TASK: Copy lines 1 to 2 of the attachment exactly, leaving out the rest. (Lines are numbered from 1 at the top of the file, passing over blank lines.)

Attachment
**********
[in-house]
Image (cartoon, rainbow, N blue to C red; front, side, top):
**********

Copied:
[in-house]
Image (cartoon, rainbow, N blue to C red; front, side, top):